Sunday, August 27, 2006



Tom Toles had a good cartoon in the Washington Post. It was planet Earth making a public service announcement, urging us to vote against all republicans running for office in November, because they have made it clear that they intend to do nothing about global warming any time soon, and time is running out.

I'm no fan of republicans' policy on global warming, which seems to mostly be a combination of denial, delay, and coddling big polluters. But the republicans aren't forcing us to buy ever-bigger homes and SUVs, and to move out to the farthest suburbs and commute an hour to work, and to use our car instead of public transportation or a bicycle for close trips. It's not the government making us a eat a wasteful meat-heavy diet. At any time we can buy less stuff, we can favor locally-grown produce, we can eat lower on the food chain, we can turn the thermostat to a more energy-efficient temperature. We can modify our purchases to support environmentally responsible companies. Ultimately, we have the power to reduce our own substantial contribution to climate change. We can't blame the government for our behavior. We don't have to wait until the right person is in office to change our lifestyle. Do we have the integrity to acknowledge our own responsibility in global warming?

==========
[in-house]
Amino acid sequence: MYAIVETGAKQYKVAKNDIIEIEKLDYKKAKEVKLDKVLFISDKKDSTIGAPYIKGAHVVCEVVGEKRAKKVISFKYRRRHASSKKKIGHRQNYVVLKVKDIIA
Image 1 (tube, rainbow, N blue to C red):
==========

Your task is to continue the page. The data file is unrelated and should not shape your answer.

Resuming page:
This reminds me of health issues. Granted, even the most health-conscious person can be afflicted with deadly disease, but while we give all this money to organizations that claim to be looking for a cure — in a magic pill or injection — we eat ourselves to death. We want a cure for cancer, but we want our hot dogs and grilled meat. We want a cure for heart disease, but less than a third of us eat our five small portions of vegetables per day. Curbing disease risk — in most cases, whether to our individual selves or to the whole world, starts with responsible behavior. We can't wait for someone else to bail us out of our own destructive decisions.

Wednesday, August 09, 2006



There are powerful, compelling arguments for why we should not breed cats and have them as companion animals: our propensity to breed for arbitrary physical traits has worked against cats' health interests; so many people mistreat, neglect, or abandon their cats; many people declaw their cats, which among other things destroys a cat's ability to truly scratch and thus degrades his quality of life; until a totally safe and complete vegan formula for cats is devised, animals must be killed to feed a companion cat; spaying and neutering is necessary to control cat populations but what might it take away from their lives; if we let cats outside they may eat birds or get hit by cars, but unless the cat has lots of perches and toys and daily play times, he will get bored inside.

And yet my cat is sitting in my lap, I'm scratching his chin, and he is purring blissfully. Are you sure we're not meant to be together?

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